It’s been adapted even more than a few times and a Pope made it a kind of art museum church. Michelangelo’s genius when he was in his 80’s, was to show parts of the original structure from ancient times in the design. This concept is still used today in some modern architecture. There’s a whole connection to Galileo and his discovery of time keeping and the pendulum. Here we also see astrological signs and markings in brass on an axis for days of the year. Through a hole and in the wall the sun shines at a specific time on the axis markings to show the day. Pretty clever stuff. The structure, the paintings, statues and the gigantic volume of space is overwhelming. This is also an active Parish church. Through a side door is the Sacristy which is in the bath’s ancient parts, and has an exhibit showing the history of the structure in pictures and busts of Michelangelo and the other guys responsible for what we see. Going out through the opposite door we enter what is essentially a courtyard entrance to the baths, out through the door in the back, takes one to the ruin I saw when I was walking. There are parts of the bath there and even what would have been a swimming pool mosaic. This link will take you to a really great site with far more info on the church, it’s history and what’s inside, than I could post here. http://www.sacred-destinations.com/italy/rome-santa-maria-degli-angeli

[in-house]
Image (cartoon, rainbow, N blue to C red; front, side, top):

Detail of the ceiling in the exact center.
The corded off floor is protecting the brass and jewels and paint that portrays the calendar and has signs of the Zodiac. Next to one of the side chapels is the display of Galileo’s invention of the first pendulum that was used to tell time.
Continuing my Pantheon quest, I run across this:
These neighborhoods must be ministry row. Interspersed are various large churches and their statues.
Three are large wall enclosed villas and other large stone buildings. All of these are pretty heavily guarded. Anything from Ministry of Economics, a massive structure, to Defense, lots of people with weapons here and bars on all the windows. A two block long enormous edifice had a single entrance in the middle. I did what I did at every building with armed guards, I went up and asked what building it was. The monstrosity turned out to be the Presidential Palace. Looking through the entrance I see a beautiful garden area, so I ask the Ak47 toting guys, can I come and take pictures, he lowered his eyes, and shook his head. Alrighty, then. I’m off down the street, enjoying the fenced park opposite the Prez’s palace as I come to the end of the building and turn the corner